In brief a hedgehog baby is born with soft spines usually white to make it easier for Mum to give birth. He is dependant on her for the first 4 weeks of life for milk and shelter and security. He is very vulnerable during this time. If he loses Mum, with out specialist human care and attention he will certainly die. 

If he survives this phase then Mum will start to take him out on foraging trips with her at night. She will teach him for 4 weeks then he is on his own in the world. 

Sadly too many babies or hoglets as they are known, are dying as mum gets killed on the roads or poisoned by slug pellets or impaled by forks when people are turning their compost heaps or slashed with strimmers. Mum dies and the babies die a slow and often horrible death. 

Hedgehogs are mainly solitary creatures, preferring to be alone only being together when they are babies and when they are seeking a mate. 

In UK in Spring they usually have hoglets from three to seven in number.  In August/September there may be another birth. Male hedgehogs play no part in the raising of the young. 

In UK November to March they are usually in hibernation. 

Hedgehogs can live  to six years old but this is rare given all the hazards they now face. 


More information on the lifecycle  of a hedgehog Over The Garden Gate

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Signs Of Serious llness

It is important we know what sickness look like in a hedghog and its no always easy to tell


What essentially you are looking for is behaviour that is not normal for them. So if you see a hedgehog out and about during the middle of the day, or in UK between November to March - when they should be hibernating- that is a red flag.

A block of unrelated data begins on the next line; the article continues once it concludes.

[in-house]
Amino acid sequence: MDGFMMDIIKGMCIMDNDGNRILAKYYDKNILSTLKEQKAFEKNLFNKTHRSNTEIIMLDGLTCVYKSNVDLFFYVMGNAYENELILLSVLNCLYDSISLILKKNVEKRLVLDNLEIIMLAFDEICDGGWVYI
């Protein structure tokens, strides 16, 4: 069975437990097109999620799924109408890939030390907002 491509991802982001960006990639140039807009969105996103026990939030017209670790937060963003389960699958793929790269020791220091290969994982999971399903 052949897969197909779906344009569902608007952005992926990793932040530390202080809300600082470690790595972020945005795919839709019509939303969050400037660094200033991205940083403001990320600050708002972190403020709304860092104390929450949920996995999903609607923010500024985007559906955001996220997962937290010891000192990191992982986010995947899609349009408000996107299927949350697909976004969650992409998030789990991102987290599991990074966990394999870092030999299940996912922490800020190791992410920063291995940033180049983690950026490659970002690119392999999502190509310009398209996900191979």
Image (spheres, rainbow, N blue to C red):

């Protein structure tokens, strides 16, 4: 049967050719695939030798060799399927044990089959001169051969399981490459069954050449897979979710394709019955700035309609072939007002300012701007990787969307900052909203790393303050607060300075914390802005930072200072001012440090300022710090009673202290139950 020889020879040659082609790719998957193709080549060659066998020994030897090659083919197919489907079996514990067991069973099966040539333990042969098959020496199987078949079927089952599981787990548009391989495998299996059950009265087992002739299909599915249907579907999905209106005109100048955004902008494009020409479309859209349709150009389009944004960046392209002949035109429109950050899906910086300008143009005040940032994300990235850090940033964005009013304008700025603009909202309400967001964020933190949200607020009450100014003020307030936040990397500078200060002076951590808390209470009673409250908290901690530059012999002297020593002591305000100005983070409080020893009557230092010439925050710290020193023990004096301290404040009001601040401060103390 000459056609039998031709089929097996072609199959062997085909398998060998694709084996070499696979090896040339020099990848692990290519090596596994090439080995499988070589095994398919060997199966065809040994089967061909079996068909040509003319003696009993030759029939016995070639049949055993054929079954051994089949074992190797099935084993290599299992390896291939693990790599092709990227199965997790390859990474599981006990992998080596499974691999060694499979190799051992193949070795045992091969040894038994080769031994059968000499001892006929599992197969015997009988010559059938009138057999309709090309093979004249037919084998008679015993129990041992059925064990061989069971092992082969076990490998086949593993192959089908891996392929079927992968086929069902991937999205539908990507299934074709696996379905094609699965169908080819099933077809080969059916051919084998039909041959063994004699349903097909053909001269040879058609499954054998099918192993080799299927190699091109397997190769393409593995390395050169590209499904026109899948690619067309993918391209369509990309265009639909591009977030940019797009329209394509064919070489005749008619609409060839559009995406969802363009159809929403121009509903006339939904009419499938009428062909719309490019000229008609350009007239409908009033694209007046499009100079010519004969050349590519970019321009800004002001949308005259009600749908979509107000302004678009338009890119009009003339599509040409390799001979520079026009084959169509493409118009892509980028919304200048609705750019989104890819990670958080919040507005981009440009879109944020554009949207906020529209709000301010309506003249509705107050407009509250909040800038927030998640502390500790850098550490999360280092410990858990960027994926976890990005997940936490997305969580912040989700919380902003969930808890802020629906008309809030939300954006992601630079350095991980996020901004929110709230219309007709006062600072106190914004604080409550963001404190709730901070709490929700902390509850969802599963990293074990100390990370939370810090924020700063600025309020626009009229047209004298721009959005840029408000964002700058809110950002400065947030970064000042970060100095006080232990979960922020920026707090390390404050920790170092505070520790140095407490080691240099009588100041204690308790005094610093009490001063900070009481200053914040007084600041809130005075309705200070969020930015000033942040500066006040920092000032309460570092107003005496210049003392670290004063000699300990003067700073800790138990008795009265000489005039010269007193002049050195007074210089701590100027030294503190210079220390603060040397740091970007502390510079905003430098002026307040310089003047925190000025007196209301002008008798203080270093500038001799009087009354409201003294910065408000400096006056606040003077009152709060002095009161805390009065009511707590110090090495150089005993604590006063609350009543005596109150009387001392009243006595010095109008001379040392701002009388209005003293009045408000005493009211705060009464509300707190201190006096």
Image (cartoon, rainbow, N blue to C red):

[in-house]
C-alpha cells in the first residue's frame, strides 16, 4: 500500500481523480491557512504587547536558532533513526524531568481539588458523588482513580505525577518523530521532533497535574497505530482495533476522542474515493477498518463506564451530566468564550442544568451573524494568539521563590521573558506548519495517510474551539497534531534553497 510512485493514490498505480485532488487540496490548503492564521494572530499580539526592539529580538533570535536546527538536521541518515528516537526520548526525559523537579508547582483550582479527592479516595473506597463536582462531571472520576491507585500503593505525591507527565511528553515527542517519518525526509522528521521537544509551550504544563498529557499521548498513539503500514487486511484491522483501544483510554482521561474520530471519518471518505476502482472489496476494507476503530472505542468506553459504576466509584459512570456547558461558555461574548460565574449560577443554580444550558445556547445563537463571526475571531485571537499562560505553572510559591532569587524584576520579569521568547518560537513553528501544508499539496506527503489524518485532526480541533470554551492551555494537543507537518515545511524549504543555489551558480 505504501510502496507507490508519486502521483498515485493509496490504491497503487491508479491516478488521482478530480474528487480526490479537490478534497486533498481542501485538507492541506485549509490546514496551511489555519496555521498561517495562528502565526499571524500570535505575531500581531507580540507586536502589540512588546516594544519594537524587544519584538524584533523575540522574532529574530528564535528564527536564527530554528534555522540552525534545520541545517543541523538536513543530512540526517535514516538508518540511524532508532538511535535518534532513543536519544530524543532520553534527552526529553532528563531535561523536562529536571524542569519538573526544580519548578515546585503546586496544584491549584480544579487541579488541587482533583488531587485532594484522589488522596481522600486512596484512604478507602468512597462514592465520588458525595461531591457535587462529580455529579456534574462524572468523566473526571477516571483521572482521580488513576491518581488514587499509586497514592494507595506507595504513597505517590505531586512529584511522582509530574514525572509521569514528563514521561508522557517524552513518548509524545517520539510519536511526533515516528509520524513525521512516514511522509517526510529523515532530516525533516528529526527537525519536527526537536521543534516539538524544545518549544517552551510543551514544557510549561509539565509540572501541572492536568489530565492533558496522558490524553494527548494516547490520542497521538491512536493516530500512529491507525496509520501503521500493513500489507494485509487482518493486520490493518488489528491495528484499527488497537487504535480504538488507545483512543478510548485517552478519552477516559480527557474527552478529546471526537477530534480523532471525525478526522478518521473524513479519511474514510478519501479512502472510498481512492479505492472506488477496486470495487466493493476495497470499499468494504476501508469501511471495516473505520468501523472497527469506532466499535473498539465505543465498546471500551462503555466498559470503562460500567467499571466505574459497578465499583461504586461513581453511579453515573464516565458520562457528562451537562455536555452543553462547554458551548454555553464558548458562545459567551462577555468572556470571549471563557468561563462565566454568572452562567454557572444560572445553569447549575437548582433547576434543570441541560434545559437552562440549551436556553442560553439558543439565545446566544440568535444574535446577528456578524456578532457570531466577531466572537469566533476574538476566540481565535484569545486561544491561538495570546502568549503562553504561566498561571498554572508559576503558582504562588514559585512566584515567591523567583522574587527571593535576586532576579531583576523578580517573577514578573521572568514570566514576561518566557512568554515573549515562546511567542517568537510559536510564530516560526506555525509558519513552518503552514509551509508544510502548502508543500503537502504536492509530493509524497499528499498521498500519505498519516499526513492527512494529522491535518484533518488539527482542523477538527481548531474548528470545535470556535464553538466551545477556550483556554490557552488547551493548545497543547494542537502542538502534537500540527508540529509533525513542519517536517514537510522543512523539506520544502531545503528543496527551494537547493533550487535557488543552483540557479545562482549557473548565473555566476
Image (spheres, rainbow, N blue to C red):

Sometimes hedgehogs who are not fat enough will come out of hibernation to try to eat and build up their reserves but often there is little food around mid winter for them. Many die if they cannot find food quickly.  


You can certainly put out catfood and mealworms and water if you see one mid winter  out and about but do also contact a rescue for advice. 


If the hedghog is bleeding or missing a limb or unable to curl up on your approach or run away that is also a bad sign. 


If on a hoglet- a baby hedgehog you can see flies buzzing around it then the baby is in a lot of trouble. It is gross but flies will attack a lone hoglet without its mum, lay its eggs in the baby and the eggs hatch and essentially eat the baby alive. It is a horrible death. If you see a baby covered in flies or eggs or worse maggots please get it to a vet or rescue  as a matter of urgency. Do not wait. 

Pictures Of Hedgehogs From Flickr


Wild Hedgehog

Wild hedgehogs are wild. We should not in my opinion,  be attempting to make wild hogs into pets. Let them live a natural life as they were intended. Now they live so close to us we can enjoy them without making them domestic.  

When a hedgehog is taken in to rescue they rehabilitate them and if they live as soon as possible and practical they release them back into the wild. If it is too late into the year they may keep them safe until the next Spring to release them.

They look for safe areas away from roads and heavy machinery and preferably where some sightings of hedgehogs have been reported and where the is a good food source, shelter and peace. 



Hedgehog Rescue-Devoted People.

Sick Or Injured Adult Hedghogs

Hedgehogs are nocturnal, they sleep during the day and come out at night to forage, mate, eat, drink etc. If you see a hedgehog out during the day there may be something wrong...

However do not jump to conclusions. Sometimes a mum will be about just before dusk or just after dawn to forage for her exceptionally hungry babies. Sometimes a hedgehog may have been disturbed from its resting place and is seeking out another one. Just wait and see if she disappears off to a nest or cover somewhere. If however she is staggering about, disorientated, bleeding or covered in flies  or clearly injured you may need to take some action.